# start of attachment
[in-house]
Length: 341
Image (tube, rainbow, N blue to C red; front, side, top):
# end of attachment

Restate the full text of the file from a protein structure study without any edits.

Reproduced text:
[in-house]
Length: 341
Image (tube, rainbow, N blue to C red; front, side, top):